In a scathing editorial, The New York Times took on the CIA torture program and, essentially, the architects behind it, which the NYT Editorial Board feels should be prosecuted. We agree.

The NYT article noted that President Barack Obama has not lifted a finger to pursue charges against or prosecute any individual or group involved in illegal torture. Back in 2009, Obama first announced the he would not pursue such prosecution, saying that “we need to look forward as opposed to looking backwards.”

However, the NYT asserted that “The nation cannot move forward in any meaningful way without coming to terms, legally and morally, with the abhorrent acts that were authorized, given a patina of legality, and committed by American men and women form the highest levels of government on down.”

In short, it’s a specifically-focused iteration of the adage that “if we don’t learn from history, we’re doomed to repeat it.” It’s imperative to address the past. Doing such allows us to learn the mistakes of past actions in order to prepare and prevent a similar future. However, Obama is merely enabling the torture program, so what about those who are actually responsible for it?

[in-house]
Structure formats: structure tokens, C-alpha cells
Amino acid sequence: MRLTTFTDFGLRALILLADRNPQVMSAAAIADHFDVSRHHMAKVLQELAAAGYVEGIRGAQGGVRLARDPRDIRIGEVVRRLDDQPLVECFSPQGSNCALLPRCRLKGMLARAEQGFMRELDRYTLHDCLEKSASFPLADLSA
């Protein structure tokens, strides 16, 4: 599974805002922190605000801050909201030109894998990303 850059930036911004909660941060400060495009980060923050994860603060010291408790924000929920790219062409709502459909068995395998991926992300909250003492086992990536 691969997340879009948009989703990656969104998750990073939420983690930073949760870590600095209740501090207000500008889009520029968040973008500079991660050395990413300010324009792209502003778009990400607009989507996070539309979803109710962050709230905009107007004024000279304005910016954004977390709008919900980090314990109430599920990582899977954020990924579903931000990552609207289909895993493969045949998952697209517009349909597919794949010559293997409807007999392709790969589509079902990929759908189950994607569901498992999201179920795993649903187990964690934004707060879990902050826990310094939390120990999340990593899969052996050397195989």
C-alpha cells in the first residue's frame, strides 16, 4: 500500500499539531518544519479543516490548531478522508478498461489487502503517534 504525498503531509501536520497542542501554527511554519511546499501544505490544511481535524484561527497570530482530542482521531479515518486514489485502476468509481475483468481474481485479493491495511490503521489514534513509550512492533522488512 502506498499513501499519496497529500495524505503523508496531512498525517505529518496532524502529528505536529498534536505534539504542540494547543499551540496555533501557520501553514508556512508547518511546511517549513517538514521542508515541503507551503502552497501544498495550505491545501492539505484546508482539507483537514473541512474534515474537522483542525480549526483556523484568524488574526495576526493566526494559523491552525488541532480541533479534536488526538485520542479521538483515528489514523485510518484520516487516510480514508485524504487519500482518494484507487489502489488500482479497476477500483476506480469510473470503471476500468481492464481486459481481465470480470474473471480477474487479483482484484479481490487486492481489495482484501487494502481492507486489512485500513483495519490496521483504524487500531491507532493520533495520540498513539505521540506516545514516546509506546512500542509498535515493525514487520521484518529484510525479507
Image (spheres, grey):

The NYT said that “any credible investigation should include Vice President Dick Cheney; Mr. Cheney’s chief of staff, David Addington; the former CIA director George Tenet; and John Yoo and Jay Bybee.” These men were the original brains and nerve center of today’s torture program. They were the guys who formulated it, searched for ways to give torture some opaque semblance of legality, and implemented it.

Yoo and Bybee were lawyers at the Office of Legal Counsel who wrote the memos that government officials would use as (flimsy) legal standing that the torture program was allowed. The memos are little more than an abuse of semantics and legalese mumbo jumbo.

The torture program was illegal; it was a crime. It was a crime outlawed by federal law and the Convention Against Torture, which the United States ratified in 1994, the NYT noted. These men need to be prosecuted for the human rights abuses culminated by the torture program.